Matt’s post on equity and efficiency reminds me of a paper by Greg Mankiw and Matthew Weinzierl on optimal taxation. The idea is as follows. Suppose that we think equity means a society where everyone has the opportunity to earn income proportional to the effort that they exert. The hardest workers are those who succeed in earning the most money, while others may choose a life of leisure and earn less. Well, to establish such a utopian place we’d have to do a lot more than eliminate racism, sexism and xenophobia from the human race.
After all, one’s endowment of ‘talent’ is determined by a lottery at birth. Some people are more intelligent, more athletic, more beautiful and, because of it, they are more successful than others. Since we reward not effort but success, those people have a natural advantage. It is simply not possible to say that everyone has equal opportunities when one person’s marginal productivity is far higher than another’s merely because of the talents with which they were born. To engineer a society where effort was rewarded at an equal rate we’d have to tax all of those innate characteristics of the talented and transfer the wealth as a subsidy for those who are less gifted.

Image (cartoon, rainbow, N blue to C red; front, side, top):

Clearly this proposal runs into some observability problems: beauty and intelligence, for example, are not observable or measurable in any meaningful sense. However, some characteristics, such as an individual’s height, are observable and can be taxed. Mankiw and Weinzierl run the numbers on height and estimate that a tall person could pay up to 10% more income tax than a short person of the same income. Interestingly, they use this as evidence that standard optimal taxation models don’t accord with our natural ideas about fairness and equity. I see it the other way: those who are born talented start with an unfair advantage over the rest. Taxing them at a higher rate merely levels the playing field. So why is it that taxing men more than women and tall people more than short people seems unfair?